Lancôme’s decision to drop Canto-pop star Denise Ho has sparked a backlash that resulted in the forced closure of its Hong Kong stores.

Protesters who rallied outside of the French face-cream company’s Hong Kong stores on Wednesday have accused the brand of bowing to China’s political pressures in its decision to cancel its promotional concert that was set to feature the pro-democracy singer, Denise Ho.

Protesters who turned up to Hong Kong’s Times Square were seen carrying yellow umbrellas, which is a symbol of Hong Kong’s democracy movement. The Guardian reports that protesters were heard shouting “L’Oreal! No self-censorship.” Many were calling for the boycott of L’Oreal products.

Global Times, an online tabloid published the Chinese Communist Party’s People’s Daily newspaper, had criticised Lancôme for working with the pro-democracy singer. Ho had previously expressed support for Hong Kong’s democracy movement and the Dalai Lama, who has been denounced in Beijing as a dangerous separatist.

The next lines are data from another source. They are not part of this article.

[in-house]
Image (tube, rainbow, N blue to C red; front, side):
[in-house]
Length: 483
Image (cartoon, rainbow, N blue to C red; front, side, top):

Meanwhile, SCMP reports that Mainland Chinese internet users were angered by Hong Kong’s music app Moov, who suggested that they would “employ Denise Ho permanently” after hearing the news.

Critics of the company have called for a boycott of a range of companies that are related to Richard Li Tzar-Kai, who runs PCCW, the parent company of Moov. These related companies include Moov, Watsons, Johns and Johnson and Listerine, of which Ho is a spokeswoman.

According to, SCMP a Weibo user who goes by the name of Qiyu Xian’ang239 said, “let’s start by boycotting small stuff … such as not buying Watsons mineral water.” Another user, Tangjia Momo, said, “your permanent recruitment [of Ho] means we will boycott permanently.”

Ho herself has stated that she was shocked at Lancôme’s decision. She told the BBC, “I am quite shocked that a global brand such as Lancôme … would succumb to the pressure from Chinese tabloid news or the Chinese market”.

“We … in Hong Kong … have been going through really rough times … Most of the celebrities, we wouldn’t dare to speak out for ourselves because we know that self-censorship is really serious right now in Hong Kong. But I wouldn’t think that worldwide brands such as Lancôme or L’Oréal … would succumb to this kind of pressure.”

 

 

What is your stance on this situation? Was Lancôme right to cancel the pro-democracy singer’s gig? Are protesters right to boycott Lancôme? Are Mainland critics right to boycott companies who support Ho? Let us know what you think below.

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